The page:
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Calcium is the most abundant mineral in the body. It is needed for strength and structure of teeth and bones, for blood clotting, nerve function, muscle contraction and relaxation, enzyme regulation, and membrane permeability.
Most of the calcium in the human body is found in teeth and bones. This amount is continually in flux, with various amounts being deposited and resorbed. Later in life, more calcium is resorbed than is replaced, leading to bone loss and potentially to osteoporosis if calcium intake is inadequate (or has been inadequate in the past).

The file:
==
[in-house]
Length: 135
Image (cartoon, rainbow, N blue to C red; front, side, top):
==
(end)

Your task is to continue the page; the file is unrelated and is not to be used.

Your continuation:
Good sources of calcium are broccoli, legumes, fortified orange juice, dairy products, and fish. Many dairy products are also fortified with vitamin D, an essential part of calcium absorption.
The recommended dietary allowance of calcium for adults ages 19 to 50 is 1000mg/day. Pregnant or lactating women and adults over 50 should get 1200mg/day. Adverse effects of calcium in normal adults have been observed only with chronic intakes above 2,500 mg/day.
For additional information (including a list of references), please refer to the calcium technical bulletin at http://www.usana.com/dotCom/company/science/components.